|GBL_HLTH 390||Native Nations, Healthcare Systems, and U.S. Policy||Beatriz Reyes||TTh 12:30-1:50pm||Core|
GBL_HLTH 390 Native Nations, Healthcare Systems, and U.S. Policy
|GBL_HLTH 390||Biocultural Perspectives on Water Insecurity||Sera Young||TTh 11:00am-12:20pm||Core|
GBL_HLTH 390 Biocultural Perspectives on Water Insecurity
The first objective of this course is to introduce students to the many ways that water impacts our world. We will discuss what the international recommendations for safely managed water are and the health and social consequences of water insecurity. The second objective is explore why there is such variety in water insecurity worldwide. These discussions will be guided by the socio-ecological framework, in which dimensions ranging from the individual to the geopolitical are considered. Influences on access to water will be broadly considered; we will draw on literature in global health, ethnography, the life sciences, and public policy. The third objective is to develop critical thinking and writing abilities to reflect on the multi-dimensional causes and consequences of water insecurity and the appropriateness of potential solutions.
|GBL_HLTH 390||Health Care Under Socialism and Postsocialism||Ivan Djordjevic||W 2:00-4:50pm||Core|
GBL_HLTH 390 Health Care Under Socialism and Postsocialism
|ANTHRO 306||Evolution of Life Histories||Aaron Miller||TTh 9:30-10:50am||Elective|
ANTHRO 306 Evolution of Life Histories
This course introduces life history theory as an integrated framework for understanding the biological processes underlying the human life cycle and its evolution. After constructing a solid foundation in life history theory and the comparative method, the class will address questions such as: Why do humans grow and develop much more slowly than other primate species? Why do we have so few offspring? What is the significance of puberty? What is the function of menopause? In-depth analysis of several case studies will allow the class to examine in detail the utility of life history theory for explaining aspects of human development and behavior from an evolutionary perspective.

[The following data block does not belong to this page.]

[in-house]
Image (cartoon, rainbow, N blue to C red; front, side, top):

|BMD_ENG 380||Medical Devices, Disease & Global Health||Matthew Glucksberg||MWF 1:00-1:50pm||Elective|
BMD_ENG 380 Medical Devices, Disease & Global Health
An examination of the intersection of technology and the delivery of health care in resource-poor environments, especially in Africa. Engineering and the application of technologies are important in delivery of health care. This is true in the developing world as well as in the developed world, however health care technologies often fail to work as intended when solutions from wealthy countries are used in poor countries. Differences in burden of disease, infrastructure, economic and social structures are examined in the context of developing practical ways to improve health in specific parts of the developing world. Students work with the instructor to develop ideas a term paper examining a particular intervention.
|CFS 391||Field Studies in Social Justice||Kumar Ramanathan||T 6:00-9:00pm||Elective|
CFS 391 Field Studies in Social Justice
Social justice is often defined as the just and equal access to resources, privileges, and social status, and involves the recognition of persistent social inequalities, and that work toward social justice involves ongoing structural social change. This course examines social justice as idea and process, in historical perspective and around the world, and through the lens of active social justice movements in Chicago today. We look in particular at the Black Lives Matter movement, struggles against urban gentrification and displacement, and the immigrant rights movement, as case studies offering new internship opportunities. Course readings and meetings emphasize reflection, debate, and constructive critique, as we pay attention to the intersections of race, class, gender, citizenship, and sexuality, but focus especially on the discourses and practices of race and racism that frame social justice struggles.